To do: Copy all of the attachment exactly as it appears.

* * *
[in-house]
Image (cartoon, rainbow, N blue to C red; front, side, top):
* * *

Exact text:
[in-house]
Image (cartoon, rainbow, N blue to C red; front, side, top):